I'm sure I've heard somewhere that their Primordial War Castes were different again.
 
I do understand the frustration. For me it's because it's on the verge of being an interesting idea but then not elaborated upon. There's several areas of the lore where I applaud Ex3 for stepping back from providing too much detail but a few places where it arbitrarily doesn't give a straight answer that makes it harder to defend the better decisions. 
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Kashi wrote: Mon Feb 14, 2022 6:43 am The only thing that bugs the absolute shit out of me is, and admittedly it is very minor and requires only a house rule to fix, is for some reason that is totally beyond me, the Devs kept the damn reforging of the Lunar castes for literally no reason other that some vague line about the old ones were unsuited for the Age of Sorrows. Right.... You can fight the Primordials with them okey dokey, but they are unsuited for the Age of Sorrows?

I don't think the Lunar castes where seen as insufficient for the Age of Sorrows, they were seen as unsuited. The skillset you need to fight Primordials is different than the skillset you need to fight the Realm, because the Realm is different from Primordials.

Also, there possibly was an intermediate set of castes for the First Age distinct from Primordial War Era Castes and Age of Sorrows Castes - the text suggesting this isn't explicit but "remaking themselves for an Age of Dreams. Though never forsaking the divine monstrosity at their Essence’s heart, they became guardians, guides, world-walkers, judges, and mystics." sounds sort of like a new set of castes (or possibly a first set of castes, it's possible all primordial-war Lunars were casteless)

It's still not explained what specific skills where emphasized/deemphasized, and the lack of detailed descriptions of previous castes makes it hard to guess, but Changing Moon does strike me as more deception-based than pure social, while "guardians, guides, world-walkers, judges, and mystics" sounds more cooperative/leadership/organizationy, and "They waged war in the shapes of snakes as long as rivers, all-devouring swarms bearing devil-slaying plagues, beast-mothers with tusks like daiklaives and stampedes of murderous children, and countless other wild horrors." sounds less social and more shapeshifting focused.

It sort of makes sense than in the Primordial War, when most of the enemies were souls of the main enemies, deception is less useful compared to violence, and in the First Age, when Lunars could openly be part of the most powerful organizations in the world, deception was less useful.

Also, in the First Age it's likely that Lunars believed that many of the people a deceptive Lunar would deceive would be other Lunars, while in the Age of Sorrows Lunars have a common enemy.
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Lioness wrote: Mon Feb 14, 2022 3:44 pm  I'm sure I've heard somewhere that their Primordial War Castes were different again.


That is referenced in the 3E Lunar book at the start.
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Lioness wrote: Mon Feb 14, 2022 3:44 pm
I'm sure I've heard somewhere that their Primordial War Castes were different again.

I do understand the frustration. For me it's because it's on the verge of being an interesting idea but then not elaborated upon. There's several areas of the lore where I applaud Ex3 for stepping back from providing too much detail but a few places where it arbitrarily doesn't give a straight answer that makes it harder to defend the better decisions.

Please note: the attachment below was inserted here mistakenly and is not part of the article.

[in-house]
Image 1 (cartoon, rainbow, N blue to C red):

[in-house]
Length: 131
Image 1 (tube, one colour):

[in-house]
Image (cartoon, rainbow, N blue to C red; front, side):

Some of my bigger problems with 3E in a nutshell. An over correction for the perceived over explaining of 2E.

That and the baffling dearth of setting resources. I'd have been churning out PoD setting books for places like the Dreaming Sea and all of the new places added to the map. Doesn't need to bother with mechanics (it'd probably be a better seller if it had none). Just give me setting seeds.
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Kashi wrote: Mon Feb 14, 2022 11:52 pm
Lioness wrote: Mon Feb 14, 2022 3:44 pm
I'm sure I've heard somewhere that their Primordial War Castes were different again.

I do understand the frustration. For me it's because it's on the verge of being an interesting idea but then not elaborated upon. There's several areas of the lore where I applaud Ex3 for stepping back from providing too much detail but a few places where it arbitrarily doesn't give a straight answer that makes it harder to defend the better decisions.


Some of my bigger problems with 3E in a nutshell. An over correction for the perceived over explaining of 2E.

That and the baffling dearth of setting resources. I'd have been churning out PoD setting books for places like the Dreaming Sea and all of the new places added to the map. Doesn't need to bother with mechanics (it'd probably be a better seller if it had none). Just give me setting seeds.

So this assume setting material doesn't take any longer to write than mechanics. While there isn't a playtest step, there's still a similar amount of wordcount involved. And due to the way that writing locations are, making sure you can write it consistently, in a unified voice, and to avoid some of the pitfalls that 2e had of like...not crossing notes, does slow things down some. Note that The Realm is nearly all setting and did take a bit. And the upcoming Across the EIght Directions is like...as big as th enew Dragon-Blooded book. That takes time to write, edit, develop, cross-reference, and layout and art. I mentioned this in the release schedule thread a bit. And 2020 and the hellscape it inflicted on us all since has kind of not done favors there.

But that is coming at least, and it will probably do a big job on filling in things.
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So, before anything else, I usually recommend folks interested in contrasting the different editions take a look at the Storyteller Vault Style Guide. It's actually an official document made by OPP with guidelines for stuff for that program. It notably has (to me) a good summary of the different editions and what they emphasize differently. I think that it's worth noting is that (to me at least), 1e needs to be considered a bit too. As 2e was different from that, and 3e has its own takes on things from both.
Exalted Storyteller's Vault Style Guide